From Wikipedia, the free encyclopedia
Other namesJohne's disease
SpecialtyVeterinary medicine

Paratuberculosis is a contagious, chronic and sometimes fatal infection that primarily affects the small intestine of ruminants.[1] It is caused by the bacterium Mycobacterium avium subspecies paratuberculosis. Infections normally affect ruminants (mammals that have four compartments of their stomachs, of which the rumen is one), but have also been seen in a variety of nonruminant species, including rabbits, foxes, and birds. Horses, dogs, and nonhuman primates have been infected experimentally. Paratuberculosis is found worldwide, with some states in Australia (where it is usually called bovine Johne's disease or BJD) being the only areas proven to be free of the disease.[2] At least in Canada, the signs of BJD usually start when cattle are four to seven years of age, and then usually only are diagnosed in one animal at a time.[3] Cattle "with signs of Johne’s disease shed billions of bacteria through their manure and serve as a major source of infection for future calves."[4]

Some sources define "paratuberculosis" by the lack of Mycobacterium tuberculosis, rather than the presence of any specific infectious agent,[5] leaving ambiguous the appropriateness of the term to describe Buruli ulcer or Lady Windermere syndrome.


The disease, discovered by Heinrich A. Johne, a German bacteriologist and veterinarian, in 1905, is caused by a bacterium named Mycobacterium avium subspecies paratuberculosis, an acid-fast bacillus, often abbreviated MAP. MAP is akin to, but distinct from, Mycobacterium tuberculosis, the main cause of tuberculosis in humans, and Mycobacterium bovis, the main cause of tuberculosis in cattle and occasionally also in humans. MAP is 99% genetically related to Mycobacterium avium, but has different phenotypic characteristics, such as:[citation needed]

  • slower growth
  • requires the addition of an iron transport chemical known as mycobactin when grown in vitro
  • forms a rough colony when grown on a solid agar medium
  • Infects mammals instead of birds

Also, the environmental distribution of MAP is markedly different from that of M. avium, which can produce mycobactin, so can grow and multiply outside the body.[citation needed]


Pasteurization is used to kill the causal agent, M. paratuberculosis, by heating cow's milk for a short time and then immediately cooling it.[6][obsolete source]

Signs and symptoms[edit]

In cattle, the main signs of paratuberculosis are diarrhea and wasting. Most cases are seen in 2- to 6-year-old animals. The initial signs can be subtle, and may be limited to weight loss, decreased milk production, or roughening of the hair coat. The diarrhea is usually thick, without blood, mucus, or epithelial debris, and may be intermittent. Several weeks after the onset of diarrhea, a soft swelling may occur under the jaw. Known as "bottle jaw" or intermandibular edema, this symptom is due to protein loss from the bloodstream into the digestive tract. Paratuberculosis is progressive; affected animals become increasingly emaciated and usually die as the result of dehydration and severe cachexia.[citation needed]

Signs are rarely evident until two or more years after the initial infection, which usually occurs shortly after birth. Animals are most susceptible to the infection in the first year of life. Newborns most often become infected by swallowing small amounts of infected manure from the birthing environment or udder of the mother. In addition, newborns may become infected while in the uterus or by swallowing bacteria passed in milk and colostrum. Animals exposed at an older age, or exposed to a very small dose of bacteria at a young age, are not likely to develop clinical disease until they are much older than two years.[citation needed]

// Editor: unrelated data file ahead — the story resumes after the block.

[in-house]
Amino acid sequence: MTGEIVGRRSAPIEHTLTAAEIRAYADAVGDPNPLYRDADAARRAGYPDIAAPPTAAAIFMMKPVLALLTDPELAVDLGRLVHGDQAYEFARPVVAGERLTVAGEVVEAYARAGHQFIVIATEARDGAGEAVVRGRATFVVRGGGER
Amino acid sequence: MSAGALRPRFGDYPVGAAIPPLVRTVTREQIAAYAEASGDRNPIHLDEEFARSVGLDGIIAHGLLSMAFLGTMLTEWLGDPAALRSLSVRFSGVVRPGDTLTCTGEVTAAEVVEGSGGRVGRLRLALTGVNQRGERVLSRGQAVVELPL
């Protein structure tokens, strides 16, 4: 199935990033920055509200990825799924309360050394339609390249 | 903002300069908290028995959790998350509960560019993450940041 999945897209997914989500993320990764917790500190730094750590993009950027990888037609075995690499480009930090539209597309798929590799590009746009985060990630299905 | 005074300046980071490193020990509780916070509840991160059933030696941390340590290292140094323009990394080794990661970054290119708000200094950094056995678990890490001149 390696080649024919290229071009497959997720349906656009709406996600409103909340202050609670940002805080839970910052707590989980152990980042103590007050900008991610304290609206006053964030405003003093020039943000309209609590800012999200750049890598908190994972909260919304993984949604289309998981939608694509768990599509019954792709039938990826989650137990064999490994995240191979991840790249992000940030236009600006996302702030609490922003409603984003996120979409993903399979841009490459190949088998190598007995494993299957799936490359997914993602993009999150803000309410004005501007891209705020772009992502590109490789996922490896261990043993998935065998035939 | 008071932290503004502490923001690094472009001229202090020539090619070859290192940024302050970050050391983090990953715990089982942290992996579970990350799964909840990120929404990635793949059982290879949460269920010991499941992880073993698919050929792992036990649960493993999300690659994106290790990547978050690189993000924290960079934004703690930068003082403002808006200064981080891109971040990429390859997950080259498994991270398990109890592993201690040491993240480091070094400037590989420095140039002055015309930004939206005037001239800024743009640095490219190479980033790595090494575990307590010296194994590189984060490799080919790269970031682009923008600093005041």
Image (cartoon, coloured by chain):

The clinical signs are similar in other ruminants. In sheep and goats, the wool or hair is often damaged and easily shed, and diarrhea is uncommon. In deer, paratuberculosis can progress rapidly. Intestinal disease has also been reported in rabbits and nonhuman primates.[citation needed]

Unlike cattle and sheep, infections in deer often present with clinical illness in animals under one year of age.[citation needed]


The primary site targeted by Johne's disease is the lower part of the intestine known as the ileum. The wall of the ileum contains a large number of pockets of lymphoid tissue known as Peyer's patches that lie just beneath the interior surface of the intestine. Peyer's patches are clusters of macrophages and lymphocytes organized much like lymph nodes. Covering Peyer's patches are a layer of cells called M cells. These cells function to sample the content of the lumen of the intestines and pass antigens (bacteria) through to the underlying cells of the Peyer's patch to "show" these antigens to the macrophages and lymphocytes. This is a means of "educating" the cells in a young animal about its environment, and is a protective mechanism designed to help the animal become immune to pathogens in its environment.[citation needed]

Unfortunately, when M cells bring M. paratuberculosis to the Peyer's patch, the bacteria find an ideal place for growth. Macrophages in Peyer's patches engulf M. paratuberculosis for the purpose of destroying the foreign invader, but for reasons yet unclear, these macrophages fail to do this. Inside a macrophage, M. paratuberculosis multiplies until it eventually kills the cell, spreads, and infects other nearby cells. In time, other parts of the ileum and other regions of the body are teeming with millions of the mycobacteria. How M. paratuberculosis neutralizes or evades the normally efficient bacterial killing mechanisms of the macrophages is unknown, although the unusually resistant cell wall of mycobacteria likely plays an important role.[citation needed]